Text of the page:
In this study of young women who performed a simple POC test for trichomoniasis, we found that the scale we developed to measure acceptability of self-testing for trichomoniasis demonstrated good internal consistency and reliability. The subscales were consistent with the same four-factor structure described for acceptability of self-sampling for HPV.27
At baseline, overall acceptability did not differ for self and clinician testing. However, analysis of acceptability subscale scores showed that participants perceived self-testing for trichomoniasis as more comfortable than clinician testing, were less confident of their ability to collect/perform the test, and trusted the results less than clinician testing. Two other studies have assessed acceptability of self-testing for STIs.28,29
Adult women in South Africa were randomised to home testing versus clinic-based testing for STIs. Both groups performed a POC test for trichomoniasis similar to the one we describe. Acceptability was assessed after testing using four items that measured two subscales: comfort (pain with self-sampling) and confidence (easy to collect the sample, follow test instructions, and read the results). Over 90% responded positively to confidence questions, and only 15% reported pain with sampling. Acceptability was not compared with clinician sampling.28
One study of self-testing for HIV among adult men in China described acceptability as confidence in performing the test (easy to understand and use) and perceived effects of testing (would recommend to others). After performing the self-test, over 90% endorsed self-testing as easy to use and would recommend, but self-testing was not compared with clinician testing.29
Differences in measuring and reporting acceptability in these studies highlight the need for well-defined scales in order to compare results across studies.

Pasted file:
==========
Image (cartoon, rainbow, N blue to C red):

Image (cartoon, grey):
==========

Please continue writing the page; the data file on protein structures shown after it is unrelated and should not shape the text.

We found several similarities to studies evaluating acceptability of self-sampling. Kahn et al
found that adolescent women rated clinician sampling to detect HPV higher than self-sampling for confidence, perceived effects and trust of results.27
Another group compared acceptability of a self-obtained swab for HPV testing with clinician testing using a six-item scale that measured embarrassment, discomfort, anxiety, relaxation, unpleasantness and confidence. Women were more confident in clinician testing, but it was also rated as more embarrassing, unpleasant and anxiety-provoking, and less comfortable and relaxing than self-sampling.30
In a third study, acceptability of self-sampling for chlamydia/gonorrhoea was defined as five items encompassing preferences (provider testing vs self-swab), unpleasantness and confidence in ability to perform the test (instructions were clear, easy to get the swab). The majority (>90%) endorsed high satisfaction with self-sampling for each item.31
These results are consistent with our findings and speak to the validity and generalisability of the constructs `comfort' and `confidence' which we describe. However, few other studies besides ours have measured the construct `trust in test results'.
In addition to measuring baseline acceptability in more depth than others, ours is one of few studies to compare clinician- and self-testing subscales with each other over time. This approach revealed important details that would have been missed by measuring total acceptability. Although both confidence and trust of self-test results were initially lower than clinician results, scores improved over time until they were equivalent to those for clinician-test results. After discussion of test results, women whose test results were concordant with clinicians' results had higher trust scores. In contrast, Kahn et al
found an increase in confidence, but not in trust, of self-sampling results over time; however, HPV test results were not available at the visit.27
We believe that by using a POC test we were able to give immediate feedback and positive reinforcement when the self-test was performed and interpreted correctly, which influenced the participant's trust and confidence around self-testing.
While acceptability of self-testing increased over time, there was no change in willingness to test at home. Similarly, others reported no change in HPV testing preferences over time (about 62% preferred clinician testing at each time point).27
In contrast, others have found that successful participant experience with self-testing influenced preferences: women randomised to home testing were more likely than those randomised to clinic testing to prefer self-sampling and self-testing at home over clinic.28